‘Elvis’ Ending, Explained: Was Tom Parker Responsible For The Death Of Elvis Presley?

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The film “Elvis,” directed by Baz Luhrmann, is about a king and a kingmaker. It’s a story about power, about control, about greed, and most of all, about freedom, for which our protagonist longed till his last breath. Yes, the courts of law made their decision and decided who was the villain of the story, but the villain always had a counterargument and, from the looks of it, never accepted the fact that he ruined the life of the protagonist. The courts merely termed it “financial abuse,” but who would account for all those lost years? Who would account for that mental and physical fatigue? He did trust his manager, Colonel Tom Parker, blindly, and as a matter of fact, the shrewd schemer did break his trust. No matter what Colonel Parker says, his actions did qualify as a betrayal. But could he also be blamed for his extramarital affairs, his reckless spending, his careless attitude, his addictions, and the debauchery he engaged in, that took him farther away from himself and made him alienate the very people who loved him unconditionally? The life of Elvis Presley exactly fits the stereotype of an artist. The dichotomy of fame was such that he obsessively craved the applause, the validation, but also felt isolated even when he was around thousands of people. Hidden behind those shiny clothes, those lewd gyrations and jerky movements, was a kid who wanted to make his family financially secure and, most of all, his mother happy.

Spoilers Ahead


Plot Summary: What Is The Film About?

Colonel Parker lay on the hospital bed, overlooking the International Hotel of Las Vegas, and all over the media, there was news that he was responsible for the death of Elvis Presley. He allegedly took a 50% commission on his earnings and exploited him to support his gambling and betting addiction. But Colonel Parker didn’t agree with what the people had to say. He had created a different narrative for himself, and he takes us back in time when he heard about the King of Rock and Roll for the first time in his life.

In 1955, Colonel Parker, after working at a carnival, moved his focus to the country music business. He partnered with Hank Snow, one of the greatest singers in the United States at that time. But he was still having trouble getting young people to watch his shows. At that point in time, a fresh voice had emerged out of nowhere in the market. Sun Records, a label owned by Sam Philips, had signed this brooding musician. There was something unusual about the kind of music he created. They assumed that there was a black man behind that voice because it sounded like R&B flavors had been sprinkled over country music. But it was not so. Colonel Tom Parker was astonished to hear that Elvis Presley was a white man. Elvis was given a spot in the Louisiana Hayride, a radio show, and Colonel Parker knew that this young lad could prove to be a dark horse. Tom Parker caught a glimpse of the singer backstage. His mother was giving him a pep talk to calm his nerves. He came on stage, and it felt like he would faint because of anxiety and stage fright. But then something extraordinary happened. Colonel Parker had never witnessed such an electrifying presence of any artist in his life till then. He saw the greasy-haired lad, clad in a pink suit, transform into a superhero. Elvis wiggled and shook his whole body like somebody had plugged his high-voltage wire into a socket. The girls started howling and shouting, as if they couldn’t control their excitement. Tom used to work in the carnival, and he knew that there were certain tricks that left the audience baffled. They didn’t know whether to be happy or not after witnessing those tricks. That night at the Louisiana Hayride, he saw each and every member of the audience soaked in that kind of dilemma. Everybody wanted a piece of Elvis Presley, and Tom Parker knew that this dopey-eyed singer would help him earn a fortune.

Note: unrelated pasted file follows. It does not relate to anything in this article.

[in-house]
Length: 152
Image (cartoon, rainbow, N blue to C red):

Elvis hung out in Beale Street and was heavily inspired by Mahalia Jackson, the gospel legend. He idolized B.B. King, his music, and his style. He dreamt of donning the same suit that B.B King wore, one day. When Tom made an offer to partner with Elvis, the first thought that came to the singer’s mind was that it could be the end of all his struggles. But what he didn’t know was that he was about to enter a swamp, and there was no way out of it. His mother, Gladys Presley, had a premonition of sorts. She knew that something bad would happen with this association, but Elvis had made up his mind. Tom Parker left Hank Snow and started managing Elvis full time. Tom knew that Elvis was the golden goose and Hank was a story of the past.


‘Elvis’ Ending Explained: Was Tom Parker Responsible For The Death Of Elvis Presley?

Tom Parker was a man who always had a trick up his sleeve and never did anything without a purpose. The RCA record label signed Elvis and Sam Philips was duly compensation for letting the artist go. Elvis Presley Enterprises was created, and Vernon Presley was made the business manager. Even Tom knew that he was doing so only to win their trust, and that, in fact, the business manager would be nothing but a puppet whose strings would be controlled by Tom himself. Elvis finally brought the pink Cadillac and a huge mansion in Memphis, Tennessee. He became a sensation, and his music and performances reverberated across the country. Some people, though, didn’t appreciate his wiggly gyrations and considered them obscene and against public morality. There was a petition to bar Elvis Presley from doing television shows. The politicians were in support of the segregation laws, and they didn’t want even a driblet of black culture to cast a shadow upon their fragile system. More than his popularity, politicians were terrified of his inspirations, preferences, and role models. How could an idol of the masses consider Mahalia Jackson and B.B King as his inspiration? It was no less than blasphemy.